Climate action is better than words

While A GREENER WORLDLE is bringing an online community together to play a word game, IIED is continuing to make a difference in tackling global climate change.

The launch of a word game – A GREENER WORDLE – that contains answers that focus on climate change and the environment is the latest, if slightly unusual, part of IIED’s work to tackle climate change that dates back 50 years.

In the early 1970s, visionary economist Barbara Ward, the founder of IIED, helped lead the introduction of a new concept: that the interests of people and planet are inextricably interlinked. Now, this is an accepted global narrative and lies at the centre of the Sustainable Development Goals.

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Throughout the last five decades IIED has used its influence to highlight the planet’s importance and the need to take climate action, including in the mid-1980s when the institute helped to draft sections of the landmark 'Our Common Future' report that rallied the world for sustainable development. The institute also played a key role in preparing for the Rio Earth summit, the largest environmental gathering ever held.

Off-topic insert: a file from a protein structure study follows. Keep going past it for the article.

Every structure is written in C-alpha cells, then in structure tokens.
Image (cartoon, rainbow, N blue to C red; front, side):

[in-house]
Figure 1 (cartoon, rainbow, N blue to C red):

IIED’s Climate Change research group currently works to create, share and use knowledge to shape development policy and practice for climate resilience, equitable global governance and community adaptation to climate change.

Our researchers and partners recently attended the UN climate change negotiations in Glasgow (COP26) where we supported negotiators from the least developed countries and focused on issues such as getting climate finance to the local level and helping to make the most vulnerable people's voices inform investment decisions.

Sharing first-hand accounts of loss and damage

IIED is also working with people in LDCs to build awareness and improve understanding of lived experiences of loss and damage – the deep and irreversible impacts of climate change ranging from sea-level rise, ocean acidification and desertification to cyclones, drought and flash flooding.

We have produced a series of animations (available in the playlist below or on IIED's YouTube channel) to bring to life the personal experiences of the people enduring those impacts, and are using them to drive policymakers to act.


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